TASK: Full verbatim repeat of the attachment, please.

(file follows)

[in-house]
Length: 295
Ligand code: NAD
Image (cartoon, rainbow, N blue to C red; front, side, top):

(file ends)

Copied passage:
[in-house]
Length: 295
Ligand code: NAD
Image (cartoon, rainbow, N blue to C red; front, side, top):